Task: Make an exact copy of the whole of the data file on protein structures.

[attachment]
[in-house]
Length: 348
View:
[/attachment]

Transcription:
[in-house]
Length: 348
View: